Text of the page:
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A flood warning's been issued for a river in Dorset - the Environment Agency says flooding's expected along the Lower Stour from Sturminster Marshall to Christchurch.
Here's the full warning:
Flooding is expected for Farms at Sturminster Marshall, Cowgrove, Shops in Wimborne, Mill Street in Corfe Mullen, Bridge House Hotel in Ferndown, Brecon Close, Ringwood Road, Throop Road in Bournemouth, Barrack Road and Willow Way in Christchurch this morning.
Immediate action required.
Water levels in the lower Stour from Sturminster Marshall to Christchurch are rising this morning.Up to 30 mm of rainfall has fallen in the last 24 hours.
Showers are continuing, with some intense bursts.
Catchments are responding to rainfall.
Surface water ponding may already be affecting low lying land and roads.
The gauges that can be used to trigger this Flood Warning are Throop, Wimborne, Blandford and Iford Bridge.
- Act now to protect yourself and your property.
- If it's safe to do so, block doors with flood boards or sandbags and cover airbricks and other ventilation holes.
- If you are caught in a flash flood, get to higher ground. Stay away from flood water and don't take risks.
- Move family, pets and valuables to a safe place.
- Keep a flood kit ready including a torch, batteries, fully charged mobile phone, warm clothes, water, food and any prescription medicines you may need.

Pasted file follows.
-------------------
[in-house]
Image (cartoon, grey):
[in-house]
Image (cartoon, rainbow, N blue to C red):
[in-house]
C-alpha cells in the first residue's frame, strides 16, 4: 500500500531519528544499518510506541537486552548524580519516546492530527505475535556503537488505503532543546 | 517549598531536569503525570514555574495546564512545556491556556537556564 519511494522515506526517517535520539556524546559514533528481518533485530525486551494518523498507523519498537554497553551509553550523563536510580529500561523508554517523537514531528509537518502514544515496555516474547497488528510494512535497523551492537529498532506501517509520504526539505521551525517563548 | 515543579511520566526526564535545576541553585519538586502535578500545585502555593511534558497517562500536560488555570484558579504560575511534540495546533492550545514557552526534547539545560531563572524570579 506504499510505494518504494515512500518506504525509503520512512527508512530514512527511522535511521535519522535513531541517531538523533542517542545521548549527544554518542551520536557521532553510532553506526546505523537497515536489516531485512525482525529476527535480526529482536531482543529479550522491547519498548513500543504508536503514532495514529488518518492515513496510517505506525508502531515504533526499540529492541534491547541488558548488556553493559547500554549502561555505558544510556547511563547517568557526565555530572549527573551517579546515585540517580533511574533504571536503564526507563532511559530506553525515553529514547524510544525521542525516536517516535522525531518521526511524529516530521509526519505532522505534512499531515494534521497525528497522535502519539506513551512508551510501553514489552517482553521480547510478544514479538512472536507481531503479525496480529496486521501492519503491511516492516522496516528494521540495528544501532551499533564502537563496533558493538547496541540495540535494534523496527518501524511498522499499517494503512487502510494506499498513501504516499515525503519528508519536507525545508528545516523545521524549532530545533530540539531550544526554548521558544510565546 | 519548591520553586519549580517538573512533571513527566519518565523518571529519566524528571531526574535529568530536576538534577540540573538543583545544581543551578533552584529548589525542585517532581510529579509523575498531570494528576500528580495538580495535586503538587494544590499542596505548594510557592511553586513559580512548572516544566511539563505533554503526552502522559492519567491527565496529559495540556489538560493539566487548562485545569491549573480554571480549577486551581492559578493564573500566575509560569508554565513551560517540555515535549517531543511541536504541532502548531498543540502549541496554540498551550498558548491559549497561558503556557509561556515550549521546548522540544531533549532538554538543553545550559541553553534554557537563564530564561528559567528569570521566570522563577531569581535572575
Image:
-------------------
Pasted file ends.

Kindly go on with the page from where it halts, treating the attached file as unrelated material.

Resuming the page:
- If it's safe, make sure your neighbours are aware of the situation and offer help to anyone who may need it.
- Avoid walking, cycling or driving through flood water.
- Turn off gas, electricity and water if your property is about to flood. Never touch an electrical switch if you are standing in water.
- Call Floodline on 0845 988 1188 for up-to-date flooding information.
- Keep an eye on local water levels and weather conditions. The Environment Agency website contains details of river level and flooding information and can be accessed at www.environment-agency.gov.uk.
The Environment Agency has previously warned that the drought gripping swathes of England could increase the risk of flash flooding as rain is less easily absorbed by dry, compacted soils, instead running off and causing localised floods.
And while the rain may be welcome for gardeners and farmers in drought-affected areas, the downpours are not enough to alleviate the drought that stems from two unusually dry winters in a row.
Richard Aylard, from Thames Water, one of seven companies which have brought in hosepipe bans in response to the drought, said ''a couple of wet weeks'' was not enough to reverse record dry conditions seen in the region in the past two years.